Whole Genome Duplication and the Evolution of the Land Plant Body Plan

  • James Clark

Student thesis: Doctoral ThesisDoctor of Philosophy (PhD)


The evolution of the land plant body plan has shaped the evolution of
terrestrial ecosystems, human economics and the Earth’s biosphere. The body
plan has arisen through a series of innovations or ‘jumps’ that have in turn
facilitated a greater diversity of architecture, reproductive complexity and the
ability to occupy increasingly inhospitable environments. The evolution of
novelty through gene duplication is a hypothesis that was first developed in
the animal kingdom, though the more recent discovery of multiple whole
genome duplication (WGD) events throughout plant evolutionary history has
sparked a goldrush to identify and characterise WGD events, and to relate
them to macroevolutionary hypotheses. As it stands, plants represent the best
opportunity to establish a natural system in which to determine the outcomes
of WGD events across disparate lineages. However, a fundamental
requirement to studying WGD in a phylogenetic context is to first establish
on which branch it occurred. Secondly, an accurate estimate of the absolute
timing of the event can aid in providing a geological context. Finally, an effort
must be made to capture and quantify the macroevolutionary outcome and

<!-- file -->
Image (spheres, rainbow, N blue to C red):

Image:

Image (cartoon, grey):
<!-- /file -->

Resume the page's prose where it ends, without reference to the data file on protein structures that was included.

determine the relative contribution of WGD. Studies of WGD to date have
taken a ‘tip down’ approach, focussing solely on extant taxa and ignoring the
wealth of information presented in the fossil record. In this thesis, I aim to
establish and progress methods for the identification, dating and
characterisation of WGD events in a palaeontological context. I establish a
timescale for several of the most ancient duplication events in the most
species rich lineages and the lineages on which we are most economically
dependent. I demonstrate a means of measuring phenotypic diversity
(disparity) at the kingdom level and use this to determine the relationship
between WGD and morphological evolution. Ultimately, I show that the best
approach to studying WGD in land plants is a holistic one, considering
phylogenetic, developmental and palaeontological evidence.
Date of Award23 Jan 2019
Original languageEnglish
Awarding Institution
  • The University of Bristol
SupervisorPhilip C J Donoghue (Supervisor) & Simon Hiscock (Supervisor)

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